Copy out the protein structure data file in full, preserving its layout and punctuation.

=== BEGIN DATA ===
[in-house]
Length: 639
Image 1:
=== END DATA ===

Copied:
[in-house]
Length: 639
Image 1: